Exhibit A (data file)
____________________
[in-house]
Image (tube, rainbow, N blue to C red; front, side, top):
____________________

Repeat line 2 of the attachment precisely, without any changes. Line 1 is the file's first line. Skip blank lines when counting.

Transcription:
Image (tube, rainbow, N blue to C red; front, side, top):